Princeton Augt. 30th. 1824
My Dear & ever beloved Cousin
Your affectionate Letter of 24th Ultimo, I had the pleasure to receve and would have acknowledged before this, had not the daily interruption of accidental visitants—and likewise an injury I rec’d from a restive Horse; an injury, (which at first I tho’t trivial) has been followed by effects which threatend a speedy abruption of all my worldly schemes & desires.
I am still confin’d to the House and very feeble, tho’ I trust convalescent, & hope to be fully restored in time to greet with sincere delight the promised visit of our kind friends, your Son & Daughter & [famy] from Washington, who by this time I conclude are with you at Quincy, renovating your spirits by their society wch. must ever be Dear to you—I beg you to make <
my> mrs Bs & my affectionate Regards to them, and to say, we shall claim their promise, and pray that no interveneing necessity will compel them to disappoint us—
The Account you give of yourself gives me many a painful sigh, but still hope we may be permited to meet again in this World, & hereafter in a better World than this—
I feel very anxious to hear from you, after the visit, wch. I understand you was to receive yesterday from Genl Le Fayetté if attended with a [fifteenth] part of the retinue wch. I see by the newspapers attends him on other visits as a public Guest, I fear the meer show & bustle of the Scene <
wch> has been too much for your present reduced strength to support witht: injury—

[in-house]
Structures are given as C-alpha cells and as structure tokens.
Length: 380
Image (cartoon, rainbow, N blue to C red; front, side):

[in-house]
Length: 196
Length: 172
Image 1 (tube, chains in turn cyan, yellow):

You will see that my emphatic Remonstrance asserted by public opinion express’d by (to me) unknown authors in the Public News papers has produced a revocation of the vote of the Corporation of Harvard University. They have also by the late declamations, so far sanctioned the right wch. the Public have to claim the continuance, that I presume they will not think it, a light matter to dispense with <
[. . .]> Institution from wch. so much improvemt has been derived in the branch of Public Speaking—tho’ the President intimates to me in a subsequent, Letter that some other modification of the Institution ought to be adopted next year, this I suppose I shall know in due season—
Mrs Boylston desires her affectionate regds to you, & unites with me in best respects to every branch of yr: family—
With every sentiment of Love, & sincere wishes for your Happiness I am my Dear Sir / yr affectionate cousin
Ward Nichl Boylston
MHi: Adams Papers.